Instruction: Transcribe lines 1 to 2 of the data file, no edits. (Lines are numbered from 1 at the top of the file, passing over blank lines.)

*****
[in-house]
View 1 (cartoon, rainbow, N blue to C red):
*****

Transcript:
[in-house]
View 1 (cartoon, rainbow, N blue to C red):